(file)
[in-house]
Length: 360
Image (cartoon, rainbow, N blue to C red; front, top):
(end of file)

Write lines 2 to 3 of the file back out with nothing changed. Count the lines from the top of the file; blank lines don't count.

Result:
Length: 360
Image (cartoon, rainbow, N blue to C red; front, top):